Since the start of the school year, 1,800 students (pictured on October 29) or staff in the system have tested positive for the virus

Since the start of the school year, 1,800 students (pictured on October 29) or staff in the system have tested positive for the virus

As a result, nearly 1,100 classrooms (pictured October 15) have gone through temporary closures. At least 115 school buildings have been closed for 24 hours because of positive tests; 62 have been closed for 14 days or more

As a result, nearly 1,100 classrooms (pictured October 15) have gone through temporary closures. At least 115 school buildings have been closed for 24 hours because of positive tests; 62 have been closed for 14 days or more

The city initially said parents would have a chance each quarter to switch from remote to blended learning. 

The decision to end that system of quarterly choices was made ‘for the sake of stability,’ Education Chancellor Richard Carranza said. 

Until now, the city has relied on targeted closures, rather than citywide shutdowns, to keep schools from fueling the pandemic.

Since the start of the school year, 1,800 students or staff in the system have tested positive for the virus. 

As a result, nearly 1,100 classrooms have gone through temporary closures. At least 115 school buildings have been closed for 24 hours because of positive tests; 62 have been closed for 14 days or more.

De Blasio has been asked repeatedly whether he would consider changing the threshold for a citywide closure, given that some schools in Europe have remained open even as businesses have been ordered closed. 

Germany began a four-week period of restrictions on November 2, closing restaurants, bars, sports and leisure facilities, but keeping schools and shops open.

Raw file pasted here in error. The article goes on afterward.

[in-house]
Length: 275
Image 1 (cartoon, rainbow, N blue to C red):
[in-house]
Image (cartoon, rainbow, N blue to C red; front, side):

Children in neighboring France continue to go to school while most adults are confined to their homes for all but one hour a day.

Several states have kept schools open for in-person learning in areas where there are far more infections per capita than in New York City. 

While the city has seen an increase in cases lately, it now ranks far better than most other places in the country.

De Blasio said it was ‘crucial’ to adhere to the standard he set over the summer.

If a shutdown does happen, the city will work to reopen as quickly as it can once infection rates decline, he said.

Gov Andrew Cuomo has previously said that he wouldn’t stand in the way of New York City’s closure order.

Under the state rules, school districts don’t have to close until an average of 9 per cent of coronavirus tests in their area come back positive.

Detroit Public Schools on Thursday joined a growing list of districts shifting to remote learning, telling students to stay home until January 11. 

Philadelphia administrators on Tuesday scrapped plans to start bringing students back November 30. 

Minneapolis Public Schools on Monday put an indefinite hold on efforts to bring more children back to school. Boston public schools switched back to all-remote learning on October 22.